They avoided using the word “drone,” but the Royal Palm Beach Village Council approved a resolution last week authorizing village staff to pursue a certificate of authority from the Federal Aviation Agency to use an “unmanned aerial system” to conduct village business.
Councilman Jeff Hmara had the item pulled from the consent agenda at the April 2 meeting and asked Village Manager Ray Liggins how the aerial system will be used.
Liggins said a number of uses have been identified, including up-to-date aerial maps of village projects.
“The main purpose that we have identified in that application is village construction projects and infrastructure,” he said. “We routinely take timely pictures of our construction projects on a scheduled period of time, whether it be two weeks or every month depending on the project, from the same angle.”
Other uses include taking imagery for village studies.
“An example of that could be the canals,” Liggins said. “We do a lot of in-depth surveys of our canals, and the depth and the sonar work that we have done on that. This will give us another tool in looking at that from a bird’s-eye view.”
He said an unmanned aerial system could also be used for promotional activities, using it at events and making the images available on the village’s web site and TV channel.
Another use that has been discussed is collecting data for emergency management purposes.
“It is a good tool to use for seeing what our damage is, and seeing it from an angle that we otherwise couldn’t see in the past,” Liggins said.
Hmara said he thought that the use of the unmanned aerial technology fit nicely with what he had heard at the March 25 Palm Beach County League of Cities meeting on new technology.
“I’m particularly interested in seeing what we can do with it to monitor the condition of our canals,” he said. “As much fun as it is to get in a boat and ride for three hours to check on the condition, it appears to be a lot more efficient and something that can be done on a more frequent basis from an airborne platform. I can see where the information would be a lot more useful for the contractor as well.”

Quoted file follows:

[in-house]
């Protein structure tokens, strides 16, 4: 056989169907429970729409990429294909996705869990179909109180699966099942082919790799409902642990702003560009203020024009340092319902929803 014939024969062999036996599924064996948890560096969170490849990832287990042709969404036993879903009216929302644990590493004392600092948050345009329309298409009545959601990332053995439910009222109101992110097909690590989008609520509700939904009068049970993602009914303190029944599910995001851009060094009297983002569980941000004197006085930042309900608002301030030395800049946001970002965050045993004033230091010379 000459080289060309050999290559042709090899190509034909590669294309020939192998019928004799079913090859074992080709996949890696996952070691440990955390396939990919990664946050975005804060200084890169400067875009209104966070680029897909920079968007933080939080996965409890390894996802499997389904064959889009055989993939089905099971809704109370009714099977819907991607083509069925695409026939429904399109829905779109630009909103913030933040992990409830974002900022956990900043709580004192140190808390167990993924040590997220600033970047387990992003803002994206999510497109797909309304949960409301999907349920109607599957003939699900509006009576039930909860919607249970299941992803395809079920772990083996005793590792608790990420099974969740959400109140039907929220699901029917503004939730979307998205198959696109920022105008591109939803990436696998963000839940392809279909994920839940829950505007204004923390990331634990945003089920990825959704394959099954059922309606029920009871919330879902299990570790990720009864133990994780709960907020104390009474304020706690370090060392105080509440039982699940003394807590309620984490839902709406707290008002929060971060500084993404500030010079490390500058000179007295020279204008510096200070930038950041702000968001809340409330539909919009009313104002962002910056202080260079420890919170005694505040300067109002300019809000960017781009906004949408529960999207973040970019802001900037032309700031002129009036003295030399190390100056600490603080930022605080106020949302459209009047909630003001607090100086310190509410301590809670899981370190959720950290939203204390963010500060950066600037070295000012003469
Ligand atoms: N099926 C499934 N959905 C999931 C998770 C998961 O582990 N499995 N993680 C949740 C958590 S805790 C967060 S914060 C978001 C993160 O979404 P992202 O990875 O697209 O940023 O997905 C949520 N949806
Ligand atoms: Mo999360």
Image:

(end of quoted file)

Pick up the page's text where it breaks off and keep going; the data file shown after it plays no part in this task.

Vice Mayor Richard Valuntas said he was concerned about some of the potential uses.
“This isn’t going to be a tool that could be used for code enforcement or anything like that, correct?” Valuntas asked. “Such as looking in people’s back yards to check fences and pools and things like that?”
Village Attorney Jennifer Ashton said that use would not be permitted.
“We’re still bound by all the rules,” Ashton said. “The answer is no, they’re not going to be able to do that.”
According to the staff report, the village uses aerial photos and its GIS system on a daily basis for planning, site layouts, change detection and other uses. While the current set of aerial photos is useful, they are taken only every other year and become outdated. The use of an unmanned aerial system would allow the village to acquire up-to-date aerial photos and video of village-owned lands and public rights of way at almost any time.
Other new technologies Hmara heard at the League of Cities meeting, in a presentation by Mike Taylor with the Florida League of Cities titled “Cities of Tomorrow Today,” included 3D printing for manufacturing equipment parts that are obsolete, driverless cars for the disabled and handicapped, and the use of robotics.